David Cameron was taking a swipe at Facebook users today. The Prime Minister spoke for a lot of people when he spoke of his disgust that people had been expressing admiration for the wife beating, misogynist murderer Raoul Moat.
Moat had recently been released from prison after serving time for assaulting a child. His widely reported last, self-pitying words "I had no Dad" were uttered moments before he left his own children fatherless. This was no radical, anti-police, community champion but a reactionary thug whose violence was usually directed towards working class women and children.
I'm all for attempting to understand Moat's motives but some have bordered on sympathy, something I think we should strongly argue against. Empathising with a perpetrator of domestic violence without any but the most cursory nod towards the victims of that violence is to place the importance of Moat's feelings above those of his victims.
However, Cameron has asked Facebook to remove Moat fan pages where tens of thousands have signed up to say what a "legend" the killer was. Facebook, I think rightly, refused to take the page down - although their inconsistency on what they censor is frustrating. You can't ban these ideas, you need to argue against them.
The fact that large numbers of men and women are leaving supportive messages on the page speaks to something that many people never see spoken out loud, and it's an opportunity to look facts in the face. A few examples of posts left by women on the site include;
- love got the better of you moat, RIP x
- His head went, simple as that, anyway he had a fucked up childhood, his baby mom was messing with his brain while he was serving a sentence. them man up newcastle there heads are all fucked, beer drinking steriod taking dudes. Never the less rest in peace Raoul Moat I don't think you are a legend, but a man whos' heart is torn and whose integrity was no more, R.I.P.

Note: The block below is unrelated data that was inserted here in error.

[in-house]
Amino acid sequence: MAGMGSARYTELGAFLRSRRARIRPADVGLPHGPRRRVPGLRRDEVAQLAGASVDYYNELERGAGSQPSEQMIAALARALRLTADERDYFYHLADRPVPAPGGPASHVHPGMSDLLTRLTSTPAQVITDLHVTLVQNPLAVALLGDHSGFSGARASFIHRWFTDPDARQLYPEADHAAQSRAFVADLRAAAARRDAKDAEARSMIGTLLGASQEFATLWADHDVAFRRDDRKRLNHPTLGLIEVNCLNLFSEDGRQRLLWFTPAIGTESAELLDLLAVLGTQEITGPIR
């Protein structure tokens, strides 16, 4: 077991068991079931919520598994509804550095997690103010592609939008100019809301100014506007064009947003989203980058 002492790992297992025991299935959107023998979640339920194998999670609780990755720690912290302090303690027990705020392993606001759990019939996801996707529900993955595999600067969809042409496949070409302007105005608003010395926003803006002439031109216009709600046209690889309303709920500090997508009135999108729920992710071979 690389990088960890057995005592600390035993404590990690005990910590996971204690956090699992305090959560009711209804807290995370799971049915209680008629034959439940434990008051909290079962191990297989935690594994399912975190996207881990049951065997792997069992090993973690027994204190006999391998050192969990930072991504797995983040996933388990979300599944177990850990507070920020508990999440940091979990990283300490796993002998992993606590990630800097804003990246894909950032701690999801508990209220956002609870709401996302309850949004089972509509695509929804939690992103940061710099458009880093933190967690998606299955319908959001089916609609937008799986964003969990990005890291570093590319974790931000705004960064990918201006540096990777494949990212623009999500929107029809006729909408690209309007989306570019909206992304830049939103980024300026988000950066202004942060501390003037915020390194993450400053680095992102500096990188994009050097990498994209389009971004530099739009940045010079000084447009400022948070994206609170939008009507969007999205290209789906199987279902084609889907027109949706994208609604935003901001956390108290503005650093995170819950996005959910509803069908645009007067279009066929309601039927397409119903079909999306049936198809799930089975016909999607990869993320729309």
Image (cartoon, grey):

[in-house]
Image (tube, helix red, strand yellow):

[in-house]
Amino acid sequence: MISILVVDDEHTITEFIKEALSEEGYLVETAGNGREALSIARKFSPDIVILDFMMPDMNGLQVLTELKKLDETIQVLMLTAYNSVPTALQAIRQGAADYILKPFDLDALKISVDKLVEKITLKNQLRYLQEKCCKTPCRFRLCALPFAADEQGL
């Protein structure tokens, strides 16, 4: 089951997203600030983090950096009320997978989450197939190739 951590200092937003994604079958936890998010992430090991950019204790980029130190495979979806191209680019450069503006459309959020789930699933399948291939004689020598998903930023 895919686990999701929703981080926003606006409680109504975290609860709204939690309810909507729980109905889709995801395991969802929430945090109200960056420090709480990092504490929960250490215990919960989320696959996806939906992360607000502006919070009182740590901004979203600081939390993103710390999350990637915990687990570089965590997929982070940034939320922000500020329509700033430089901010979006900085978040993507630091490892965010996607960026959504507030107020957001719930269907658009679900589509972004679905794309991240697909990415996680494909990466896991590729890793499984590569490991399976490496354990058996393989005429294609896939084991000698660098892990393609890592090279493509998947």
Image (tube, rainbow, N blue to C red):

- RIP, guess it all just got too much for you man :/
If you're ex-partner beats you or tries to kill you it is not because "love got the better" of him but because he's a violent misogynist. By turning Moat into the central figure of an exciting man-hunt media circus the press inevitably gave him a more glamorous appearance than he deserved.
But back to Facebook for a moment - the reason it works is by harnessing the enthusiasms of the general public. Cameron is opposed to that when they express ideas he doesn't like, but this comes just a week after Cameron hoped to harness the site for his cuts agenda.
Here he is speaking to the owner of Facebook about winning the hearts and minds of the public for cutting public spending by using social networking.
The fact is you can't have it both ways. If you want to use social networking you have to understand that it works because it is unfettered, and if you start banning groups because you think they're distasteful - guess what - some people might find laying off public sector workers a downright disgrace.
For me I've no particular time for those criticising the police on this occasion. While there may be lessons to learned it is the extraordinary behaviour of the media that needs to be under the spotlight. Hyping up a sad little man into a hero while cavalierly putting his life, the lives of the public and the police in danger is beyond excuses.
See also Obsolete, Organized Rage, Green Reading, Doc Richard, The F Word, Richard Osley, Martin.